At Tailgate Fest, the Parking Lot Party Doesn’t End When the Country Music Starts
It's late afternoon on a Sunday, and the smell of a meat smoker hard at work wafts through the dusty Southern California air. Automobiles -- everything from small cars with pop-up tents set up behind their open trunks to jacked-up trucks with lounge chairs positioned in their beds -- are lined up in neat rows in a massive field of ... well, there was grass there at one point.
Temporary neighbors offer each other drinks for well-stocked coolers, while others challenge each other in beer pong and cornhole matches. One group has set up a well-appointed bar, while another's homemade photo booth urges passers-by to "Take a prop and pose!" A few hundred feet away, Clint Black is performing, the penultimate act to take the stage since the festivities began on Saturday afternoon.
Tailgate Fest is a tailgate party-loving country music fan's paradise: a perfect little world that marries the parking lot party with the concert itself on a quarter square mile of land in Eastvale, Calif. Festivalgoers can choose to head closer to the stage -- where vendors, a honky-tonk dance area and a VIP pool party await them -- or to keep the party going and watch the show from their tailgate. The speakers are loud, the screens are large, and even those parked in the back have a decent view, as if they were watching from the lawn at an outdoor amphitheater or the far-away seats at a stadium.
Brantley Gilbert and Brett Eldredge headlined Tailgate Fest 2019; in 2018, the festival's inaugural year, Toby Keith had top billing. The event's founder, producer and owner Melissa Carbone says that's partially because she knows the country music space best, but adds that tailgating and the genre go hand in hand.
"[Tailgating] illustrates the country lifestyle ... There's this very down-home, Americana feel to tailgating. The country demographic is traditionally aligned with those interests," Carbone tells The Boot. "Most of the big [sports-related] tailgating ... happens in these very country music-prevalent towns. The lifestyle of country [music] listeners and the lifestyle of tailgating are just one and the same."
"The lifestyle of country music listeners and the lifestyle of tailgating are just one and the same." -- Melissa Carbone, Tailgate Fest founder, producer and owner
The origins of tailgating extend all the way back to the harvest celebrations of ancient Rome and Greece, according to John Sherry, a marketing professor and cultural anthropologist at the University of Notre Dame, who has studied the phenomenon extensively. "The idea of getting out of your house and feasting and drinking somewhere else is a pretty old tradition," Sherry told USA Today in 2012, and it's a fairly straight line from those ancient celebrations to more recent rural harvest festivals to country boys and girls gettin' down on the farm to tailgating.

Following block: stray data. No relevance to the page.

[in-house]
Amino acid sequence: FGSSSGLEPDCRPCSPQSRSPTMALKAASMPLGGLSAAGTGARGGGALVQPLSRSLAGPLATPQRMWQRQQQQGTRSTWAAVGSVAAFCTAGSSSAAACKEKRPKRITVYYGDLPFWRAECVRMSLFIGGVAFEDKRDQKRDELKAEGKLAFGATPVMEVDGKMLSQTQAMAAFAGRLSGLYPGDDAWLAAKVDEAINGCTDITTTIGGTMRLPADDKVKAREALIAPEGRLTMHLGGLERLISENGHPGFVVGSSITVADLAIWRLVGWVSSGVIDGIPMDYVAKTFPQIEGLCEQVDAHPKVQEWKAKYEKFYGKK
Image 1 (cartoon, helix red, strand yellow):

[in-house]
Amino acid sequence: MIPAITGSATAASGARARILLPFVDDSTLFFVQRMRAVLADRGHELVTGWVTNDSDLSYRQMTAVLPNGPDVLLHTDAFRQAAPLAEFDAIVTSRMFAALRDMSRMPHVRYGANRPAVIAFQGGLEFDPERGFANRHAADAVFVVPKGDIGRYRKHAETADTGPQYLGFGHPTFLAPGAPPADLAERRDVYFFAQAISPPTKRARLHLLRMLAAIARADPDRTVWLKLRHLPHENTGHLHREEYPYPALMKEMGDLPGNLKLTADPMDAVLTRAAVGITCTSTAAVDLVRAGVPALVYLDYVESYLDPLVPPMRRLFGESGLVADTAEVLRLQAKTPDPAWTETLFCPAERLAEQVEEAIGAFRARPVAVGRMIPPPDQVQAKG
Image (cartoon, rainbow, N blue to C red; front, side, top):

"People eat and drink and build up community in the process," Sherry adds. "The individual traditions that they are creating add to the larger tradition."
These days, tailgating is, indeed, a large tradition, monetarily speaking. Despite it essentially being the byproduct of other events, the tailgating industry is a $60 billion dollar business, according to Carbone. In 2015, NFL tailgaters spent an average of $196 per game on their tailgate party supplies; Draper James, Reese Witherspoon's Southern-inspired lifestyle brand, recently revealed a new line of tailgate products -- despite tailgating essentially being the byproduct of other events.
But Tailgate Fest makes both the tailgating and the music the main event. "The tailgate piece is as appealing, and as big of a draw," Carbone says, which is good news for those tailgaters who show up to party but not to actually attend the event (that's around 10 percent of them in the football world, according to a 2003 study).
The way the fans have embraced Tailgate Fest through its two years is impressive, admits Carbone, who thought the idea might require some education as to the art of tailgating. The sponsors, too, get it: Chevrolet "saw the vision right away," Carbone says, signing on as a presenting sponsor in Tailgate Fest's first year and returning in the same capacity for year two.
"Chevrolet and country music go hand in hand," says Chevrolet communications representative Shad Balch. "We’ve made our way into more than 1,000 songs by artists including Florida Georgia Line, Taylor Swift, Alabama Shakes and, of course, [Don] McClean’s "American Pie." Tailgate Fest is a perfect venue for us to engage Chevy customers in a genuine and credible way. They expect to see Chevy there."
Denae Salazar, a first-time tailgater, came to Tailgate Fest 2019 with her family. By the end of the weekend, they'd made friends with the fans parked next to them, and were welcomingly offering drink refills to those who, enticed by the small of a smoker and the sight of an old-school, tabletop video game, stopped to chat.
"Country music brings a certain kind of people together ... and so, when you get to have them all around you -- I mean, we share food with everybody," Salazar said as the group settled in for the weekend's final acts. "It just makes a community, and the music just brings it together."
LOOK: Here's What You Missed at Tailgate Fest 2019